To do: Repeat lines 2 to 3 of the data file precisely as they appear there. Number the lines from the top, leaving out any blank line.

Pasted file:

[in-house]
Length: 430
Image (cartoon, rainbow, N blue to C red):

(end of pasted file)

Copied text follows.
Length: 430
Image (cartoon, rainbow, N blue to C red):